“I do not see what is going to happen to prevent it, but I am certain it might be prevented.”
“You could not rouse her?”
“No, she discounted anything I could have said, by asking me not to say it. That is the worst of Hester. The partition between her mind and that of other people is so thin that she sees what they are thinking about. Thank God, Rachel, that you are not cursed with the artistic temperament! That is why she has never married. She sees too much. I am not a match-maker, but if I had had to take the responsibility, I should have married her at seventeen to Lord Newhaven.”
“You know he asked her?”
“No, I did not know it.”
“It was a long time ago, when first she came out. Lady Susan was anxious for it, and pressed her. I sometimes think if she had been given time, and if her aunt had let her alone—but he married within the year. But what are we to do about Hester? Dr. Brown says something must be done, or she will sink in a decline. I would give my life for her, but I can do nothing. I have tried.”
“So have I,” said the Bishop. “But it has come to this. We have got to trust the one person whom we always show we tacitly distrust by trying to take matters out of His hands. We must trust God. So far we have strained ourselves to keep Hester alive, but she is past our help now. She is in none the worse case for that. We are her two best friends save one. We must leave her to the best Friend of all. God has her in His hand. For the moment the greater love holds her away from the less, like the mother who takes her sick child into her arms, apart from the other children who are playing round her. Hester is in God’s keeping, and that is enough for us. And now take a turn in the garden, Rachel. You are too much in-doors. I am going out on business.”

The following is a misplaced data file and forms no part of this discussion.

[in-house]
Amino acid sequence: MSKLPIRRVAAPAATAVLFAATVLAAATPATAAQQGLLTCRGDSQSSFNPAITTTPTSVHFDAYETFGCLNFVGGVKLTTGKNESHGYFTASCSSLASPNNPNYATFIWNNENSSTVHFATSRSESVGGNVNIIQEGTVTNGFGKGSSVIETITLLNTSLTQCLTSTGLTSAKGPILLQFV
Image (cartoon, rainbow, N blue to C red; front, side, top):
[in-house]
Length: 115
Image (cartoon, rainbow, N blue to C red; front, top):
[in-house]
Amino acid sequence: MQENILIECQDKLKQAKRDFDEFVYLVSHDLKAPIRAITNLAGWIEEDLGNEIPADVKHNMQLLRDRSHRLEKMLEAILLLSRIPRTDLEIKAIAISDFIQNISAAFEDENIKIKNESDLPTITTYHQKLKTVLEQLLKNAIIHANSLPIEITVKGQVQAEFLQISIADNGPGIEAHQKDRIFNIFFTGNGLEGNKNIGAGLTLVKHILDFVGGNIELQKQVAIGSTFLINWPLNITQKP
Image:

When Rachel had left him the Bishop opened his despatch-box and took out a letter.
It was directed to Lady Newhaven.
“I promised to give it into her own hand a month after his death, whenever that might happen to be,” he said to himself. “There was some trouble between them. I hope she won’t confide it to me. Anyhow, I must go and get it over. I wish I did not dislike her so much. I shall advise her not to read it till I am gone.”
The mouse fell from
the ceiling, and the cat cried, “Allah!”
That help should come through such a recognized channel as a Bishop could surprise no one, least of all Lady Newhaven, who had had the greatest faith in the clergy all her life, but, nevertheless, so overwhelmed was she by despair and its physical sensations, that she very nearly refused to see the Bishop when he called. Her faith even in lawn sleeves momentarily tottered. Who would show her any good? Poor Lady Newhaven was crushed into a state of prostration so frightful that we must not blame her if she felt that even an Archbishop would have been powerless to help her.